What Umno means by 'social media'


DURING the recent Umno presidential debate, Ahmad Zahid Hamidi pointed to social media as his overarching strategy to win over the grassroots. His campaign ticket did not reference the reforms expressed by the other two candidates, Tengku Razaleigh Tengku Hamzah and Khairy Jamaluddin.

Instead, Zahid used an aggressive strategy, consistent with how he rebuked other Barisan Nasional components that had failed to muster enough wins in the 14th general election. Following that, Puteri Umno echoed the strategy, harnessing social media as a “catalyst for change” in a political landscape where Umno is no longer the federal government.

To be frank, I do not think Umno knows what it means exactly when it refers to social media as its engagement strategy moving forward. Pre-GE14, only two Umno politicians, arguably, had a grasp on social media as an engagement platform: Now-disgraced former prime minister Najib Razak, and former youth and sports minister Khairy.

The former now uses it as a platform to defend himself and critique the Pakatan Harapan government, while the latter has gone on to criticise his party.

When Umno says “social media”, it is actually saying “online propaganda”. Social media engagement was never about listening to groused Malaysians, who had legitimate reasons for rebuffing BN in the polls.

Like the mass media Umno used to have a grip on, it is a one-way distribution platform. This is made clear in the public statements over the years, where Umno called for an aggressive social media presence to win the perception war. Most notably, over the 1Malaysia Development Bhd scandal, which necessitated the previous BN government to rush through the Fake News Act weeks before GE14 to “control the narrative”.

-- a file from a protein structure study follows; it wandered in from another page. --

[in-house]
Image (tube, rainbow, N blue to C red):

To contextualise Umno’s understanding of social media, we need to also trace its genesis in the creation of cybertroopers.

Post-Reformasi in the 1990s, blogs, online forums and budding news portals (notably Malaysiakini) populated the internet, a haven for voices critical of the then ruling BN government. Arguably, opposition supporters at the time saw the internet as a space that allowed for freedom of expression, unlike the mass media and public forums, which could not speak for them.

This space of uncensored expression was supposedly secured in the Multimedia Super Corridor’s Bill of Guarantees, what Prime Minister Dr Mahathir Mohamad has called one of his many “regrets”, but ironically, used to attack his political enemies.

At the turn of the millennium, Umno realised that it was late to the game and stepped up its occupation of the digital space.

Chief among those who led BN into the digital frontier was Tun Faisal Ismail Aziz, who claims to have coined and constructed the term we now come to know as “cybertrooper”, an internet presence to counter oppositional views by the masses.

However, online propaganda was not limited to just nondescript, virgin social media accounts. Part of the machinery comprised social media specialist companies and public relations firms, which also formed the undercurrents of online propaganda.

They did so via blogs, usually anonymously written. Or, online campaigns led by accounts indiscernible from bots. Sometimes, contracted propaganda “expose” videos produced by former media personnel. Occasionally, the simple graphic or long text message forwarded via WhatsApp.

Online propaganda found strength in numbers and disseminated information that the official, established media could not. On top of that, it was more affordable to finance than the mushrooming news portals loosely owned by or aligned with specific politicians or Umno affiliates.